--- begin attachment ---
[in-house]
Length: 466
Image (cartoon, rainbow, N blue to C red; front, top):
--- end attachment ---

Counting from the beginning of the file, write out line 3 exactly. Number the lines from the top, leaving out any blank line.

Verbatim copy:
Image (cartoon, rainbow, N blue to C red; front, top):